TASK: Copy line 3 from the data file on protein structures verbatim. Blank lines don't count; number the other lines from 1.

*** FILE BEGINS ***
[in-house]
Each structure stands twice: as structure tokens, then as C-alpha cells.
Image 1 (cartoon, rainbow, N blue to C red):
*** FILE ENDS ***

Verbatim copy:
Image 1 (cartoon, rainbow, N blue to C red):